Washington Federal Bank, which stood at the corner of 110 N. Pearl St. in Centralia since 1961, will be completely demolished by the end of the week, according to Express Construction Superintendent Terry Youngheim.

Express Construction, out of Bellevue, along with Kugel Construction, based in Chehalis, began the demolition process on Monday. 

The bank is being demolished due to a worn-out roof, outdated wiring and other structural issues, branch manager Shelia DeGuise said. 

A new branch will be rebuilt in the same location within one year, DeGuise said. 

Adam Kugel, of Kugel Construction, used an excavator on Monday to remove a section of the bank building. 

“It’s like a pitbull,” Yungheim said of the excavator. “It latches on and doesn’t let go.” 

The demolition project is broken down into about five sections that will come down one-by-one throughout the week. 

Leading up to the demolition, Youngheim said, his crew found wood, glass and electrical materials that will be recycled rather than thrown away. 

DeGuise said she found old pictures, newspaper clippings and other items in the bank’s vault from when it opened in 1961.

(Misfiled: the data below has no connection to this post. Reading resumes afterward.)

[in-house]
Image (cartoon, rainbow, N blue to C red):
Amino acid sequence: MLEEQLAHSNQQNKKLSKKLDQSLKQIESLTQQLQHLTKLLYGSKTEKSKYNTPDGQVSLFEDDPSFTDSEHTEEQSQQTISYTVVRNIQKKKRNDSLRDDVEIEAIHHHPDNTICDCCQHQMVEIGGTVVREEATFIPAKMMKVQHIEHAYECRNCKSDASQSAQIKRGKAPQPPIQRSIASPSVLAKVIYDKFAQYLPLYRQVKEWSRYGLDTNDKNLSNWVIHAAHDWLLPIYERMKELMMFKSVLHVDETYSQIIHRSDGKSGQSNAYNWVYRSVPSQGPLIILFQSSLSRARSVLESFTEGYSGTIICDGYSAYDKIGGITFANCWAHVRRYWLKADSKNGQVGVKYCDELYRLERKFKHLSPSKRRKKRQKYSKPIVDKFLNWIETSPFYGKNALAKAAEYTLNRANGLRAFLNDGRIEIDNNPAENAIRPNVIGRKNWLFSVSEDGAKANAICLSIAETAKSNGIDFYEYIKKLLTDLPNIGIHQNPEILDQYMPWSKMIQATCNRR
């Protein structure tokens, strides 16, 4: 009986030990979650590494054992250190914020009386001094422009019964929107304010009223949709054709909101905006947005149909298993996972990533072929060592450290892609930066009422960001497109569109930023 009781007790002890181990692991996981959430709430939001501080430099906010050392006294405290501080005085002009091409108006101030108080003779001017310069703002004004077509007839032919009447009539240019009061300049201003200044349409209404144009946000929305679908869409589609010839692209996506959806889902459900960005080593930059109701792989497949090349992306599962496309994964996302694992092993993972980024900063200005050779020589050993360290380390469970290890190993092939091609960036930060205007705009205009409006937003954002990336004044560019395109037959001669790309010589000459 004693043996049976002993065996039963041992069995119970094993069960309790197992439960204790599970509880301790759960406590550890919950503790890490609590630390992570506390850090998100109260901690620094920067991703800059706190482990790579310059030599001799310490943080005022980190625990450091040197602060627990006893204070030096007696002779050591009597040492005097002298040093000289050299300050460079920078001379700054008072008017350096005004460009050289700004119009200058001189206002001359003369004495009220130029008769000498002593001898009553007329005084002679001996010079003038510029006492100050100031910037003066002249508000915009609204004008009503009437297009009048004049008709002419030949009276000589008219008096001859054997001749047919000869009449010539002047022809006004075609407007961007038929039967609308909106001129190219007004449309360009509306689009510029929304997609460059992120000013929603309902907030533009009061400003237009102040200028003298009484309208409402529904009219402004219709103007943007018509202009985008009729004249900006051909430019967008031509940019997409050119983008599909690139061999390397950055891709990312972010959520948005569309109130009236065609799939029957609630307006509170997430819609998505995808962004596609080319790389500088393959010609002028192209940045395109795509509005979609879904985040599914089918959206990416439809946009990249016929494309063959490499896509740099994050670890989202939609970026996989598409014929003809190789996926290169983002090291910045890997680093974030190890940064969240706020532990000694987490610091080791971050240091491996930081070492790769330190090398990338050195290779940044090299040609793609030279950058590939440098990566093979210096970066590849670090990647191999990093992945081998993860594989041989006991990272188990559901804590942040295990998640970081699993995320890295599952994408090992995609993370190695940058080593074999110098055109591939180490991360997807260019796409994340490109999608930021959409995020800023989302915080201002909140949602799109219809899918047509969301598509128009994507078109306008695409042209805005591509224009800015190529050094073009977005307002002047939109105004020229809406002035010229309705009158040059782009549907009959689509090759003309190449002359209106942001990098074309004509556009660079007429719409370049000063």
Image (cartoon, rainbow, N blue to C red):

The old pictures and items are now in the bank’s temporary location a block away, at the corner of Tower Avenue and Main Street, where the Dr. Matz building stood before the Feb. 14 fire that gutted the 123-year-old structure. 

Washington Federal is leasing the Dr. Matz location from property owner Linda Hamilton for nine months with an option for three more months.

The temporary building fits all five Washington Federal employees, DeGuise said, and has the same hours of Monday through Thursday 9 a.m. to 5 p.m., Friday 9 a.m. to 6 p.m. and closed Saturday and Sunday.

The new branch on Pearl Street will be about 2,900 square feet, which is smaller than the demolished 4,000-square-foot building. 

However, DeGuise said the new branch will add a courtyard with a drive-through window and ATM.

DeGuise, a Centralia native, is excited to upgrade the branch, but is sad to see the original downtown bank be reduced to rubble. 

“I’ve been here my whole life,” DeGuise said. “I remember watching the bank be built. It’s a landmark and a part of the community.” 

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